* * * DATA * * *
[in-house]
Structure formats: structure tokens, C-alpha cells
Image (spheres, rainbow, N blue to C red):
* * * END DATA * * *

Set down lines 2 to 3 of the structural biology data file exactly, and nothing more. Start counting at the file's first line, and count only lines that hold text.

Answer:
Structure formats: structure tokens, C-alpha cells
Image (spheres, rainbow, N blue to C red):